Even so, it took until last night for Silver to float a sketch of a plan for scaled-down tolls, and Lopez has trashed tolls. You’d expect better from pols with districts that would be hammered by service cuts. Silver’s constituents would lose the W line and get fewer trains on 10 other lines. Three bus routes (M6, B39 and X25) would be dumped, and others would have weekend and night service service chopped. Lopez’s district would lose the Z train and get fewer runs on the M, J and L. The B39 bus would vanish, and weekend and night service on other lines would be wiped out.
The transportation patterns are similar in legislative districts across the city. Lawmakers must come to their senses and protect the well-being of the bulk of their constituents with properly funded mass transit. To reject tolls without a smart alternative would betray the greater good.
Today, The Times opines in favor of the Silver plan as well. Like the News, the Gray Lady’s editorial board is less than thrilled with the watered down version of the plan but sees it as the MTA’s last hope. While recognizing that Silver is “probably the only one in Albany with enough clout to sell such a compromise,” the paper calls his efforts to deliver this toll “mak[ing] amends” for killing congestion pricing.
At this point, it doesn’t matter how it gets done or who does it. It doesn’t matter what Silver did ten months ago or how he’ll feel ten months from now. If he is the one with the political will to save the MTA, we’ll have to hope for the best. MTA officials know that Silver’s plan won’t go far enough, but that’s a bridge we’ll have to cross after we toll it.
Just a day after Albany promised fast action on the MTA’s financial situation, proposals are making their ways through the Senate and Assembly. While Assembly Speaker Sheldon Silver is primed to endorse a modified East River Bridge toll plan in the Assembly, Senate leaders from the New York City area have yet to embrace the plan, leaving the MTA’s financial future in doubt.
Silver’s proposal, while a start, would set initial toll levels at $2 a ride, on par with subway fare but well below the figure set forward by Richard Ravitch. In other words, Silver’s plan would probably be the worst of all worlds. The MTA would still need to raise fares and cut services to cover its deficit, and politicians would be up in arms over tolling. If that’s all he thinks he can deliver, so be it. It is, as some opposing Assemblymen noted, far easier to raise the tolls later on than it is to get them implemented in the first place.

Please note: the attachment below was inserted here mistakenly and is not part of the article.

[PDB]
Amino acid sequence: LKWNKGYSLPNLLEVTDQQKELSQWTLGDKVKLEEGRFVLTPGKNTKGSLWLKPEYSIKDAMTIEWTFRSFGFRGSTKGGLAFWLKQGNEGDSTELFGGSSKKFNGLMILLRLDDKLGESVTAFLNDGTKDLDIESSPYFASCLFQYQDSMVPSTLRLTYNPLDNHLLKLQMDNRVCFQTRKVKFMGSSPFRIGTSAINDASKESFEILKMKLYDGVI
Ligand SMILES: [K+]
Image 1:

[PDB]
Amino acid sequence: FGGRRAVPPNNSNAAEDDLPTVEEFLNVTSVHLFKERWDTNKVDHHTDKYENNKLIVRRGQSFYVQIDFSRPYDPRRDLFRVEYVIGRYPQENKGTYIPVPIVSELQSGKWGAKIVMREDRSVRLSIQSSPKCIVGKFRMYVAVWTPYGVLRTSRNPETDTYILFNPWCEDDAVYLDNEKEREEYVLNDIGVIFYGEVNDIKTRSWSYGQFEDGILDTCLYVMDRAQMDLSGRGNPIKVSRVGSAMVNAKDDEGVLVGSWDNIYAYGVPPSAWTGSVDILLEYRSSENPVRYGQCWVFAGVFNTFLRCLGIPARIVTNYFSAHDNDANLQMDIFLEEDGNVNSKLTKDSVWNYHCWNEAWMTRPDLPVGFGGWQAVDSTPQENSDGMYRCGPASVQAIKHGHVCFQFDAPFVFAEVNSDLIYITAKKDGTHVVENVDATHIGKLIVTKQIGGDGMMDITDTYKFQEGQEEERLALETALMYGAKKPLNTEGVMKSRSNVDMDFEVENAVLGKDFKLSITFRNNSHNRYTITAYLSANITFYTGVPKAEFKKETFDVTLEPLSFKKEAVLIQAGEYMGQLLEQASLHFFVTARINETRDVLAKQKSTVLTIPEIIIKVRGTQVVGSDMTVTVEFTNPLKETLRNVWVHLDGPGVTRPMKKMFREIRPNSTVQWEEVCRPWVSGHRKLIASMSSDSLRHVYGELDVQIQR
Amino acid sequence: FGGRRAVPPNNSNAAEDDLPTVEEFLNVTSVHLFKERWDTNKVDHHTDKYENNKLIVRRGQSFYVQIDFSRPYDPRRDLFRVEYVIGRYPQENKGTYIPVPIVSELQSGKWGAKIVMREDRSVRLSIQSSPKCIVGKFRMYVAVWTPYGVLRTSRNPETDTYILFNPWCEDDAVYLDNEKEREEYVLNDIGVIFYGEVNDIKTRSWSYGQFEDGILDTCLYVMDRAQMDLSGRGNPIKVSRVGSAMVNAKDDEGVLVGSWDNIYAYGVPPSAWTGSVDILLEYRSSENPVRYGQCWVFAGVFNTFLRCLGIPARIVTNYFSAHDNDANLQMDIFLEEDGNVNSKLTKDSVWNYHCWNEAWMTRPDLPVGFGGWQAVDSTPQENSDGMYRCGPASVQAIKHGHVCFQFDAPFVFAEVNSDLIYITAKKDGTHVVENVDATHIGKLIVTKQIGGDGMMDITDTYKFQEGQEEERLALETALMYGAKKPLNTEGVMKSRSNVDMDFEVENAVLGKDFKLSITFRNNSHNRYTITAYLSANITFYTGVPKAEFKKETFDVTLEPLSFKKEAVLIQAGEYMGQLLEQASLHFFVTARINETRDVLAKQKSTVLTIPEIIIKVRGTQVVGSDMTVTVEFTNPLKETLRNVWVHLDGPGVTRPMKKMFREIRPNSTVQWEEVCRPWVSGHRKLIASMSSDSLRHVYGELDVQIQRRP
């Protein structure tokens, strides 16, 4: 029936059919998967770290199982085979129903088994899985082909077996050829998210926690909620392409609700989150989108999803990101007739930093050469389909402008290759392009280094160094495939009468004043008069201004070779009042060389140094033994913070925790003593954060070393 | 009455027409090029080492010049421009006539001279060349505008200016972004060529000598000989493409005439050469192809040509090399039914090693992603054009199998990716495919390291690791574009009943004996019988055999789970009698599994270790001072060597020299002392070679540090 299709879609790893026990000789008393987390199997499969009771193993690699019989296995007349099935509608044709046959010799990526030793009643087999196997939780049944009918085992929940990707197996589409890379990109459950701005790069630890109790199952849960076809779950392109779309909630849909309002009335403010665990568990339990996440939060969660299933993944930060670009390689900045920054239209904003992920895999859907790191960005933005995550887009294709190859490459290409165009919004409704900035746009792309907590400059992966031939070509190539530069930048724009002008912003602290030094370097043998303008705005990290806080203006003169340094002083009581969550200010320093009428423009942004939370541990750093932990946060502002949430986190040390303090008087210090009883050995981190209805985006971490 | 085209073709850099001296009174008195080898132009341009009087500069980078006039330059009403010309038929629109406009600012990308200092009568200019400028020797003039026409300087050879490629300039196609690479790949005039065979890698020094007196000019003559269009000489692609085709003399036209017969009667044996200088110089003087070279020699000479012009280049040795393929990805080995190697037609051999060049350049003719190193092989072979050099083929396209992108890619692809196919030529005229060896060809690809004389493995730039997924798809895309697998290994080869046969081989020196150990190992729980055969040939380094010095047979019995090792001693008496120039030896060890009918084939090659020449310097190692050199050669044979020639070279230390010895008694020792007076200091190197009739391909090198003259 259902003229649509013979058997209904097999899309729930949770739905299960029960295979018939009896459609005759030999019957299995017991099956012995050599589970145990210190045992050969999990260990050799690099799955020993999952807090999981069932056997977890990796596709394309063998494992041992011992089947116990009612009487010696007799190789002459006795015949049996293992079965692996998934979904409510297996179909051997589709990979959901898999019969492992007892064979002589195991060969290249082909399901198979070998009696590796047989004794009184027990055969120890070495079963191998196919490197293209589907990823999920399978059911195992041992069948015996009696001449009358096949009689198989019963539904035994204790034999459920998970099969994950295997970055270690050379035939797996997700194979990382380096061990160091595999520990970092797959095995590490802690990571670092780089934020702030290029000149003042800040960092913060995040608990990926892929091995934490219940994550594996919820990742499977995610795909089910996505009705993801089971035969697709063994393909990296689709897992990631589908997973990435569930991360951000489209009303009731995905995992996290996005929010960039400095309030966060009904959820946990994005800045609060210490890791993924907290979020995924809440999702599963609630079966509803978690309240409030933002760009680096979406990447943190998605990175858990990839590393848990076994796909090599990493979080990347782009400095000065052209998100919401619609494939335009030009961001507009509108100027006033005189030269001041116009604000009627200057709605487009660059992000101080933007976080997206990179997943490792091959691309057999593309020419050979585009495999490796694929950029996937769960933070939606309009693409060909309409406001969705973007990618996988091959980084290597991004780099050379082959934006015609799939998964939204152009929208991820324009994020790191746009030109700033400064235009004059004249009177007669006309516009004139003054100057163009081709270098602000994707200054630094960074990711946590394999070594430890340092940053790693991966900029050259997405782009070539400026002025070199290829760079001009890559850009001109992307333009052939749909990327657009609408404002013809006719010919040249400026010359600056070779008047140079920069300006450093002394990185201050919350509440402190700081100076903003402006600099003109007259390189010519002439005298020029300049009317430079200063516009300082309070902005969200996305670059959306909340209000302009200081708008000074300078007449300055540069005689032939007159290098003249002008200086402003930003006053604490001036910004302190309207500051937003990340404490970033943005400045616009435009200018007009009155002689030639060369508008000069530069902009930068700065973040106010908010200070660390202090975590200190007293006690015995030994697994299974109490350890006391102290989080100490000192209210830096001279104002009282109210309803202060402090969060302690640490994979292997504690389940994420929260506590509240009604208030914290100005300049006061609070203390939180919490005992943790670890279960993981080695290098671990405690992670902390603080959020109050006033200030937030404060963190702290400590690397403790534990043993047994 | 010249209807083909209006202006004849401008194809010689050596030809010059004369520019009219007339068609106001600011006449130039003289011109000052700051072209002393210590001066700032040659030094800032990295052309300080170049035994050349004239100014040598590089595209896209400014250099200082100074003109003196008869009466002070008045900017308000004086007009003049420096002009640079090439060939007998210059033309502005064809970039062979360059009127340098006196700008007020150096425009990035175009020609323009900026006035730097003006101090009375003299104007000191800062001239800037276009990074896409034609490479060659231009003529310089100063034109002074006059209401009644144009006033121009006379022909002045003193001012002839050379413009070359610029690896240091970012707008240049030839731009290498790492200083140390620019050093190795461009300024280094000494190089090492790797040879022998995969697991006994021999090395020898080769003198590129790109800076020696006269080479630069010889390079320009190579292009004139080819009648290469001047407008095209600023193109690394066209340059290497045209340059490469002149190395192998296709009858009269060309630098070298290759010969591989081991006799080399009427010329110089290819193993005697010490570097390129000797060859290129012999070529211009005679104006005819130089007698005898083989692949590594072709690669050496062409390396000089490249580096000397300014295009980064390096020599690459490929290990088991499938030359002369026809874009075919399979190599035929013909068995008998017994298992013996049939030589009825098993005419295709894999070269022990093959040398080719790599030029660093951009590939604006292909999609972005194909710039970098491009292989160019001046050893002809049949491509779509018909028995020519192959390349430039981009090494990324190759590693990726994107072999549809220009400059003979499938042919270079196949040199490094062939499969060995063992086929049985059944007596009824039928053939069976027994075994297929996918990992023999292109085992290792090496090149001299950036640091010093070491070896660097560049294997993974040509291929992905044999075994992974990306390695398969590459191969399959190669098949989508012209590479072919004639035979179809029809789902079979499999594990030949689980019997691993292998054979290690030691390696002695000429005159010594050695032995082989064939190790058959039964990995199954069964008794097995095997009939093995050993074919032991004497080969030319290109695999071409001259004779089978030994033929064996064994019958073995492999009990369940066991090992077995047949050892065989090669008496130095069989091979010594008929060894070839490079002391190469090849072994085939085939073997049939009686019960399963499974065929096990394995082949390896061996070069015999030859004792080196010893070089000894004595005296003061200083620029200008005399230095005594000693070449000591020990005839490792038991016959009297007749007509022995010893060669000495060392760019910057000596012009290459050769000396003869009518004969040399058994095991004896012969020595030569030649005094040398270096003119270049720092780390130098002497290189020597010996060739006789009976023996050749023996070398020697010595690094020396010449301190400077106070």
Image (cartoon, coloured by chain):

According to The Times, Silver is ready to combat outer borough pols who misguidedly do not believe the East River bridges should be tolled. He’ll also have to face down Senate leaders who won’t embrace the Ravitch Commission recommendations as well. Jeremy W. Peters reports:
But by proposing new tolls — albeit more modest ones than what a state commission proposed in December — Mr. Silver has put himself at odds with many legislators in Albany, particularly those from boroughs outside Manhattan and the suburbs who represent people who drive into the city regularly…
“I put forth a plan that I thought was fair and reasonable,” Mr. Silver said as he was leaving a meeting with the Assembly Democratic conference in the Capitol on Wednesday evening. “Obviously there are some who don’t like the toll. And I put that in the juxtaposition of, ‘Look, this is the only game in town.’ ”
Some Assembly Democrats were already resisting the speaker’s plan on Wednesday. “Tolling the bridges is just not acceptable to me,” said Rory I. Lancman, who represents Queens. “Once you cross the Rubicon on tolling bridges the future conversation is merely, ‘How much is the periodic increase going to be?’”
“No one wants to have to do any of this,” Assemblyman Micah Kellner, who proposed his own plan a few months ago, said. “But we’re going to have to pay for the M.T.A. one way or the other.”
Meanwhile, in the Senate, Outer Borough representatives are spinning the same old tired rhetoric as they oppose all tolling plans at the expense of the MTA. If that is in there, there’s no way I’m going to vote for it and you can take that to the bank,” Ruben Diaz, Sr., a State Senator from the Bronx, said.
Do these politicians not realize that far more of their constituents will suffer if the MTA enacts its Doomsday budget than if tolls arrive on East River crossings? As that chart at right shows, only about five percent of all Manhattna-bound commuters from Brooklyn cross the bridges each day while over 32 percent rely on the subway. The numbers are substantially similar for the Bronx and Queens. Yet politicians are willing to sacrifice the subways for their precious free bridges that should be tolled anyway.
Furthermore, nearly as many Manhattan-based commuters used the bridges too. While these politicians are claiming that this plan penalizes the Outer Boroughs, that cry is far from the truth.
In the end, Kellner’s point of view will have to win the day. One way or another, the Assembly and the Senate are going to have to pay for the MTA. How they do so remains to be seen.
When New York State elected Eliot Spitzer as governor, transit advocates had high hopes for the future. Spitzer, a New York City native, seemed to understand just how important sensible transit policy and funding would be to the future of the city and state. Spitzer, however, met an inglorious end, and with him died the hopes of many.